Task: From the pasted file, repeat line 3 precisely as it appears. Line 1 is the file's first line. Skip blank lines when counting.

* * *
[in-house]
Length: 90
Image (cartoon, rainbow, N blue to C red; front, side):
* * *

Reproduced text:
Image (cartoon, rainbow, N blue to C red; front, side):